Adolf Hitler’s birthplace will be completely transformed to stop it becoming a pilgrimage site for neo-Nazis, the Austrian government has announced.
This flip-flop decision – a day earlier interior minister Wolfgang Sobotka said the government would tear down the three-storey structure in Braunau am Inn, leaving only its foundations – means the former inn will undergo an extensive facelift so that it is unrecognisable from its current form.
The directive comes in response to a government-appointed commission’s comments that razing the structure would ‘come close to a denial of the Nazi history in Austria’.
Instead, architects will now be invited to submit proposals to convert the 17th-century building.
The decision is the latest twist in the ongoing saga of what to do with the property: privately owned by Gerlinde Pommer, it has been rented to the Austrian government since 1972 and was used as a disabled centre.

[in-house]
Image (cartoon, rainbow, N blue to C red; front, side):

According to the BBC, Pommer has refused repeated attempts by the government to buy the structure – which has been vacant since 2010 – and he has also blocked proposals to refurbish the site. Now, the government is in the process of legally seizing the property.
Hitler was born in a rented apartment on the top floor of the former inn in 20 April 1889, and only lived at the address for a few weeks before moving to other accommodation in Braunau.